4. A good sysadmin will automate himself out of a job. It is your job to make sure anything that could cause a catastrophic failure is prepared for and mitigated, that change management procedures are followed, and metrics are tracked in order to pick up problems before they happen. Of course you can't have everything in fully-redundant clusters - there will still be some out-of-hours work for changes, but these can usually be scheduled in advance.

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I'd also add that a trend I'm seeing is the "Private Cloud": being able to provide self-service on-demand computing to internal customers. I think part of this is the virtualization push and the over-capacity that comes with it and companies looking for ways to charge that back to other departments. –  gravyface May 29 '11 at 12:26
    
@gravyface: That's true. I've heard people compare cloud computing to electricity utilities - but the analogy falls down because with electricity, you're not pushing anything back up the wire. A private cloud model can provide the utility benefits while keeping data within the corporate bubble. –  Tom Shaw May 29 '11 at 12:40
    
Wow you guys are fast! Thank you for the replies. The hands on experience is going to be my main issue. I can't get a huge amount of it at work, as they'd wonder why I wanted to do it (they don't know I'm planning on leaving). I would be perfectly happy to go in at a low level and work my way up - as I say I'm not looking for a huge salary. Thanks for the heads up on the storage. –  Jim May 29 '11 at 12:48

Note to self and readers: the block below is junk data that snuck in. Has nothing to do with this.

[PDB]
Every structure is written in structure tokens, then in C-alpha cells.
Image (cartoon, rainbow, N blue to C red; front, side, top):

My $.02:

  1. Yes, there are still tons of companies that don't trust, or can't allow, their services in a cloud & have to run them on-site, such as hospitals. I mainly see small startups looking to the cloud to provide sysadmin type services. Even then, who runs the cloud? :)
  2. That sounds like a good general assessment. I would add some unix skills in there too for more flexibility.
  3. Book smart is good, but IMO needs to be coupled with "street smarts" too. In other words, books won't help you learn actual everyday scenarios. It's hard to emulate a user base. You can set up test environments & try to emulate things that may go wrong & fix them, & that'll help, but nothing will replace experience.